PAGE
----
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MITYLENE (mĭt-ĭ-lē'nē, Gr. Mitylēnē). The name is more properly spelled Mytilene. It was the chief city of Lesbos, a splendid port with a double harbor (Acts.20.14), and a center of Greek culture. It was the home of Sappho and Alcaeus, the early lyric poets, and a considerable maritime and colonizing power. Sigeum and Assos were Mitylene’s foundations. Mitylene’s history forms the usual checkered story of a Greek state too weak for independence and torn between the demands of rival imperialists—Persia, Athens, and Rome.

MITYLENE mĭt’ ə lē’ nĭ (Μιτυλήνη, G3639). Sometimes and as correctly, spelled Mytilene. Chief city of the island of Lesbos, the largest of the Gr. islands off the Asia Minor coast. It was situated on the SE coast on a magnificent harbor. Mitylene was populated by Aeolian Greeks and it was in the Aeolic dialect that both Sappho and Alcaeus wrote, in the early 6th cent. b.c., the songs which were the foundation of Gr. lyric poetry. Both poetess and poet lived in Mitylene, and took an ardent part in the city’s stormy politics.

Mitylene had its brief period of local imperialism, during which it clashed with Athens. It fell under Pers. dominance when the great empire flowed W to the shores of the Aegean, and had an ill-starred share in the Ionian cities’ revolt. When Pers. power receded and Athens became dominant in the eastern Aegean, Mitylene found it expedient to join the Delian League, but was an uneasy partner, twice seceding (428 and 419 b.c.), each time with the loss of her ships, her fortifications and considerable territory. In the 4th cent. she was a more steady ally of Athens. After Alexander’s death Mitylene, too weak now for the successful maintenance of independence in a world of emerging great powers, fell successively under the rule of the Gr. states which strove for power in the disrupted borderlands of the western Asiatic coast. At first on good terms with Rome, Mitylene revolted after the Mithridatic War and was broken by the Republic. Pompey restored the city’s freedom in his reorganization of Asia. It has little more history to record. Its capacious harbor always kept Mitylene on the fruitful crossroads of trade (Acts 20:14).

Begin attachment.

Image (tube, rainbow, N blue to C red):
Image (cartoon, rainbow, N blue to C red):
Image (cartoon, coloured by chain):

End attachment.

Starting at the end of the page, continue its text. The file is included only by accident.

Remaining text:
International Standard Bible Encyclopedia (1915)

mit-i-le’-ne, mit-i-lye’-nye (Mitulene, or Mutilene as usually on coins):

1. Importance and History:

In antiquity the most important city of the Asiatic Aeolians and of the island of Lesbos. It had 2 harbors and strong fortresses. The city was noted for its high culture and for its zeal for art and science from the earliest times. The island, under the leadership of Mitylene, revolted in 428 BC from the Athenian confederacy. The city was besieged by the Athenians and finally taken. The inhabitants of Mitylene were treated with great severity; the walls were dismantled, and the city was deprived of its power on the sea. In the time of Alexander the Great, Mitylene suffered most through the Persians, and later by the occupation of the Macedonians, but afterward regained its power and prosperity, and still later was favored by the Roman emperors, being made a free city by Pompey.

In the Middle Ages, the name Mitylene was applied to the whole island. The present capital, often called simply Castro, has a large castle built on the site of the ancient acropolis (in 1373). The city was conquered by the Turks in 1462. It contains 14 mosques, 7 churches, and has a population of about 15,000.

2. Paul’s Visit:

On his third missionary journey, Paul traveled to the Hellespont from Philippi, thence through the Troad by land to Assos on the southern side--where extensive excavations were carried on in 1881 by an American archaeological expedition--thence by ship to Mitylene (Ac 20:14), where he spent the night. Leaving Lesbos, he sailed southward to a point opposite the island of Chios (Ac 20:15). There is no record that a Christian church had been established in Mitylene at this time.


Tozer, Islands of the Aegean, 121, 134 f, 136; Ramsay, Paul the Traveler, 291 ff.